Boeing has reportedly agreed to pay $2.5 billion to end a DOJ criminal investigation and has admitted that employees deceived aviation regulators about safety issues that resulted in two deadly crashes of the 737 MAX.
The Wall Street Journal reports that Boeing has agreed to pay $2.5 billion in order to settle a Justice Department criminal investigation and has admitted that its employee deceived aviation regulators about safety issues that ultimately resulted in two deadly crashes of the 737 MAX plane.
The investigations were launched following two 737 MAX crashes, one in Indonesia in 2018 and one in Ethiopia in early 2019.
The settlement was filed on Thursday in Dallas federal court and will end a legal battle that has followed the company for the last two years. Federal prosecutors have been investigating the role of two Boeing employees who interacted with the FAA about the design of the 737 MAX and how much pilot training was needed to fly the aircraft.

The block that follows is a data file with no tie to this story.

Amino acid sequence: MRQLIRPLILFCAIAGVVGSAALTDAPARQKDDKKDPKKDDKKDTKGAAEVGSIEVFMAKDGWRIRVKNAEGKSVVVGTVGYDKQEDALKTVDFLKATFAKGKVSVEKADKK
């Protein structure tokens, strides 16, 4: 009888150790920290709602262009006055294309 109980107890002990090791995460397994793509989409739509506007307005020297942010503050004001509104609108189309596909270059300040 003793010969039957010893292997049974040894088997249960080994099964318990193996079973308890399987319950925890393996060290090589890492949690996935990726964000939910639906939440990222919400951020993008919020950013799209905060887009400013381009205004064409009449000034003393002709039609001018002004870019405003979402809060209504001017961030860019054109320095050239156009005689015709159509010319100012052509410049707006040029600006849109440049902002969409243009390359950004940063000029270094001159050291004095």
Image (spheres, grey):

The settlement includes a $224 million fine and almost $2.3 billion in compensation to airline customers and families of the 346 people who died in the two MAX crashes. The plane manufacturer was charged with one count of conspiracy to defraud the U.S. but it will avoid prosecution on that charge which will allow it to stay eligible for federal contracts as long as there is no further legal trouble for the company in the next three years.
The settlement also calls for Boeing to comply with any current investigations including probes by foreign law enforcement and regulatory authorities. The company is further instructed to improve its compliance programs.
The FAA is still conducting a civil investigation of Boeing’s activities and could levy additional fines and penalties against the company.
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